To work on the front-end conceptual process of need-finding and envisioning a digital innovation to enable new and better experiences for its users.
My partner and I first began by brainstorming 100+ human experiences we could potentially innovate, asking ourselves, "Who is being left behind?"
After selecting and solidifying an opportunity, our next step was to begin the conceptual design process. After storyboarding a use-case, we "presented the future with our innovation in it" to the rest of the class.
Imagine that someone in your family has been diagnosed with a serious illness. The treatment and care will be long-term, and will undoubtedly bring many changes to your everyday life. You are expected to be one of the primary
caregivers for your family
member. This means that on top of everything you already do, such as school or work, meal preparation, grocery shopping, and taking care of the rest of the family, you will have to attend doctor’s appointments and various
consultations as well
as attend to the basic needs for the family member who is sick.
All of these things quickly become overwhelming, especially when you factor in the mental and emotional labor of the situation. When you realize that you need help…who do you call?
When something like this happens, people in the community may want to help, but it can be awkward to know what to say or do. This makes supporting caregivers an even trickier situation. When my partner and I considered the challenge of caregiving, we talked extensively about the issue of asking for help. There is a lot of pressure placed on the individual to perform in Western society. Asking for help can be seen as admitting that you failed to do it on your own.
So we moved to our next "How Might We” statement…
How might we make asking for help easier for caregivers?
There are a few key goals that we identified as necessary to make asking for support easier for caregivers. The system needed to organize communities to help, and then synthesize this information in a way that was not overwhelming to the caregiver. Another goal that we identified was the overall mental and emotional support of caregivers. We believe our system does that through bringing together people that most want to help them.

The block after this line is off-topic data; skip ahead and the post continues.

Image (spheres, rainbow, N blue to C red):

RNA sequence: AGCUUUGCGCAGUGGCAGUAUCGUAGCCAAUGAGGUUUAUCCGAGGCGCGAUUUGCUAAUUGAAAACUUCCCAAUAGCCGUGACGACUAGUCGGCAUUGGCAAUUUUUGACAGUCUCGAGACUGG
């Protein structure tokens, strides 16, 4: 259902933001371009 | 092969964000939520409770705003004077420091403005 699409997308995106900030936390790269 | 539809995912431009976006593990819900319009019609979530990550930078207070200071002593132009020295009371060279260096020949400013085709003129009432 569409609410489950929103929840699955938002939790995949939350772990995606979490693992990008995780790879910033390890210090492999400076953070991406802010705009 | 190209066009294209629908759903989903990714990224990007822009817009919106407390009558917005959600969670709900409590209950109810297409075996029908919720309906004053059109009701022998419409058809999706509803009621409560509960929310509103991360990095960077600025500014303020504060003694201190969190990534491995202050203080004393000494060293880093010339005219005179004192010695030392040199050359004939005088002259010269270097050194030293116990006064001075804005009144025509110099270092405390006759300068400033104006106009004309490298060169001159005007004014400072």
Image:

Supporting Roles tracks the tasks of volunteers and, based on this information, makes suggestions for future tasks. Let’s say that Mrs. Smith always picks up the kids from school on Thursdays, or Ben drops off dinner every other week on Mondays. Supporting Roles would send them reminder emails of the upcoming tasks and make it easier to commit to the same tasks. This helps maintain some normalcy in the family schedule during an otherwise hectic time.
Looking forward, we envision iCal integration for easier task-management as well as specialization for different cultural understandings. Asking for help may not have the same implications or challenges in one culture compared to
another. We can also see
Supporting Roles take on different forms depending on the situation. For example, helping a family who recently welcomed a child into the world or a family undergoing a recent loss.
Both my partner and I have had similar experiences watching one of our parents battle with disease, which is what prompted the beginning stages of Supporting Roles. As we continued to build the site, we realized that some websites, like CaringBridge and Lotsa Helping Hands, were accomplishing a lot of what we thought was important to help caregivers. But even though these sites organized community members, they still didn’t solve our main how-might-we:
We wanted to automate asking for help to a certain extent, because having to constantly input tasks means feeling like you’re constantly asking people for help. This is where our 'pattern recognition’ system came in. With the automated suggestions, caregivers can spend less time inputting tasks and more time doing the things that matter, like spending time with their loved ones and taking time to recharge.